Updated: Nov 14, 2022
I remember driving through a small town in Kansas in the middle of the night years ago. It struck me as odd that a massage business had a flashing neon “open” sign glowing from the window. “Surely, there is no way it’s open at midnight” I thought. I shrugged it off and continued to drive. I should have paid more attention.
We all should.
The reality is that our cities, towns, and communities are bursting with illicit massage businesses and yet we often pass by them without a second thought. To be clear, illicit massage businesses (IMBs) are trafficking people through them. People often say they don’t see trafficking in their communities. If you’ve ever seen an IMB, you’ve seen trafficking. It’s in plain sight.
The short version of how they work is that traffickers typically target vulnerable Chinese nationals and lure them to the United States under the guise of a “good job”. The victims have no idea they will be working in an IMB or coerced into sex acts. Once the women arrive in the United States, the trafficker or Mamasan (female traffickers) will immediately take their passports and documentation away. The victims also typically do not speak English, so they have very little recourse for getting away or finding help. The victims are forced to live in the massage parlors in deplorable conditions and rarely get to leave the building. The victims are constantly under surveillance by their traffickers and cameras that are hidden in the IMBs.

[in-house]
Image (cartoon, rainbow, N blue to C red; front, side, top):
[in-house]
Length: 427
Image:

To top it off, the victims are told that they now owe the trafficker a substantial fee for their travel and room and board. The victims are forced to work in the massage parlor to pay off the debt and often are coerced into providing sex acts to customers after a massage, so they can pay off the money they “owe”. If victims do not comply, traffickers often harm the victims or threaten to kill their families back in China.
The force, fraud and coercion are readily apparent when viewing it through this lens, but most people make a joke out of “happy endings” and think nothing of IMBs. This needs to be tackled with the same fury and determination that people have when we talk about child sex trafficking. The women in these IMBs matter just as much any person being trafficked, but often are not who we consider to be victims in our society.
Apps like RubMaps show where IMBs are in your communities, so that buyers know where to go and who provides good “services”. It’s not rocket science to pinpoint where the illegal activity is happening. If you see an IMB (think a massage business with primarily males going in, open at strange hours, a place people joke about “happy endings”, etc.), please report it to the National Human Trafficking Hotline or local law enforcement.
Kudos to the Shawnee County DA for continuing to tackle this issue. May many other counties in the Midwest start to do the same.